by Corey Farrenkopf
Lake hid beside the body-part sink. At least that’s what they called it. They didn’t know the specific term for the sink coroners employed to dispose of innards not destined for the casket. They didn’t even know if that’s what the sink was truly for. It had an opening in its basin large enough to stick two twelve-year-old arms down. What else could it be?
Lake knew this, testing the sink’s depths with Cashel and Mark one day after school.
“It hasn’t been used in years,” Cashel promised. “Just do it. Totally sterile.”
So Lake did, groping for whatever lay below, the cold cast-iron like a tunnel of ice.
“Wouldn’t they do something different with their hearts? Or their kidneys? Or whatever they put down here?” Lake asked.
“Probably now, yeah, but this place has been around since the 1800s. Who knows what weird shit they did with the leftovers.”
Lake tucked his sneakers in tighter to his body, trying to shrink himself as much as possible.
Lake and Cashel and Mark were playing hide and seek in the old funeral home Cashel’s mother was converting into condominiums. They usually avoided the embalming room, but Lake had a desire to actually see something, to not live strictly through second-hand stories.
When Cashel’s mother bought the historic structure, much of its previous life was left intact. There were coffins in the attic above the garage. Metal coffins for burials at sea. Wicker coffins woven into odd, pill-like shapes. Baby coffins, two feet long and inhumanly narrow.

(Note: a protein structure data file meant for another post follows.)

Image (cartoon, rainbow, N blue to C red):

Cashel’s mom sold them on eBay.
Each went surprisingly quick.
The first floor was a winding labyrinth of connected rooms, some with wide windows looking over Route 28, others with no windows at all. Most were carpeted in dull yellow swatches smelling of two-hundred-years of dust and the fresh paint recently applied to the ceiling. Electric candelabra stuck from the walls, an attempt at ambiance for grieving families. They’d been disconnected for some time, the wiring a fire hazard according to Cashel’s mother.
The sound of footsteps passed through the hall outside the embalming room. Lake held his breath, forcing limbs to still. The steps passed into the garage, across the cement floor, climbing the stairs to where the coffins once sheltered.
The coffin maker’s workshop lay between the garage and what was now Cashel’s bedroom on the second floor. That’s where Lake’s friends heard most of the noises, saw most of the figures wavering between one life and the next.
It always happened at night, they said. The hammering. The sound of a saw shearing boards. Mark had seen globes of light hovering above his sleeping bag, a dozen tiny eyes gazing down at him. Cashel had seen army medics carrying stretchers across the room, translucent bodies suspended between, fingers grazing the floor only to vanish through walls. They had dozens of stories, of sights and sounds divorced from reality.
But Lake had no stories.
His parents didn’t allow sleepovers.
He’d missed so much. The ghosts, yes, but they were only one item on a long list. There was the bonding time, the comic books, the video games played on a tiny tube television. Secrets shared. First crushes. Awkward, pre-pubescent moments. Shared dread. Shared joy.